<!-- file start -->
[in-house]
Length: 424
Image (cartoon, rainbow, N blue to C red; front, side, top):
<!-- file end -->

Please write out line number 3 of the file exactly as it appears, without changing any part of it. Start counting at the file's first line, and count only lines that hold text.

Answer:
Image (cartoon, rainbow, N blue to C red; front, side, top):